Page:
Hey guys, welcome back. Today we venture back to the sparrow family for a sparrow that is a bit tricky to ID, especially if you don’t see them that often; the clay-colored sparrow! Their normal range goes right down the center of the country, throughout the Great Plains, while breeding throughout southern Canada. They are actually one of the most numerous songbirds within their range, they do wander outside their range from time to time. In fact, the only one I’ve ever seen was in New York City, well outside their range. One showed up near me in Ohio and I went to find it, but was unable to. There’s always fall!
A typical gray and tan sparrow, clay-colored sparrows look similar to non-breeding chipping sparrows; their face has a very similar pattern to them. The nape of their neck is a light gray, which is their most distinguishing field mark. They also look similar to the Brewer’s sparrow, a western sparrow species, as well.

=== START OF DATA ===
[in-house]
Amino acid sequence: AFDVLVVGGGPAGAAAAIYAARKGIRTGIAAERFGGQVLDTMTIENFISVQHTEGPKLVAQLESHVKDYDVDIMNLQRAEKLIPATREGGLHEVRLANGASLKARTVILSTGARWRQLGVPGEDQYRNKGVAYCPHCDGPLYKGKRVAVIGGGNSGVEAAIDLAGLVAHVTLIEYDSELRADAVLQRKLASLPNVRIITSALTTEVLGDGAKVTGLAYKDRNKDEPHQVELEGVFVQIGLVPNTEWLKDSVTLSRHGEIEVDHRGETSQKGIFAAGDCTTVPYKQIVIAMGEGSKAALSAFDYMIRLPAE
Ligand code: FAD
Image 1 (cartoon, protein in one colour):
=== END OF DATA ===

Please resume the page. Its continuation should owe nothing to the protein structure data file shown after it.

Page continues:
Males typically return to the same breeding spot every year, but the female often strays and finds another spot. They also tend to forage away from their breeding territory unlike most birds. The one I saw in Central Park was a classic case of right place right time. I was on the hunt for my first Cape May warbler and I happened to run into some birders I knew that had just spotted a clay-colored! After searching with them to re-find the bird, we finally got it! I also got the Cape May warbler. In fact, it’s our next bird! Come back next time to learn more. See you then!
cape may warbler